They also couldn’t get the stretcher upstairs, and asked me if I could walk down with them. If I felt like I could have, I would have just asked Ding or Comma to drive me to the ER, but rather than say “hey moron, why would I call for a $1000+ taxi if I thought I could get downstairs on my own?” I said I didn’t think I could, but that when I had fainted on Saturday the EMTs had a collapsible chair in their ambo that fit in the elevator, and asked if they had something similar in their ambulance. Once they got me downstairs and onto the stretcher, I had to ask them for something to elevate my foot, because they didn’t think to get anything. On the ride to the ER they didn’t do any tests or take my vitals or anything, which seemed weird to me. When we got to PG, there was no triage nurse by the ambo bay, so one of the EMTs got me started on BP and pulse, and then the triage nurse arrived. I waited in the hall for 30 or 40 minutes before they moved me to a hospital bed in the hallway and the EMTs took their stretcher and wished me well and went off to their next job.
The hospital I went to Saturday didn’t give me x-rays or a CD or anything, so PG had to do them again (with the splint on, thank goodness, so they were less uncomfortable than the first ones!) and that happened right after the resident asked me a ton of stuff that is normally asked by the triage nurse (medical history stuff) before listening to my heart and lungs and taking my pulse again. When I got back from the x ray room, CrissCrassAppleSASS who had volunteered to take me home, was allowed to come back and sit with me. I thought we would be there only a fairly short time, so I feel extra bad that I made her hang out in an ER for an entire night. The doctor overseeing the resident I had spoken to came by and introduced himself and they ordered me meds (dilaudid and an anti-nausea med to go with it) and got my splint off after the IV went in (no saline–I dunno what the deal is with MD ERs but I didn’t get a saline bag at any time, though I was tubed up for IVs the whole time both times. The first time, they wouldn’t let me have water either, so I figured it had something to do with the pain levels, but I dunno, maybe it’s something else. Every VA ER I’ve been to did a saline drip before anything else. Whatever.)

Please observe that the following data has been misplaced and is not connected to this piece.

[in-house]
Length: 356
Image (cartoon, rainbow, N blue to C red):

They didn’t tell me why until hours later, but they left me unwrapped for a while. Apparently they were concerned that the swelling and the tight splint where crushing my capillaries, so they wanted to give ’em some room and see if anything changed in my pain levels. The dilaudid made me sleepy, but it wasn’t strong enough to keep me from jerking awake every time my leg twitched. Poor Sass looked terrified every time I jerked awake.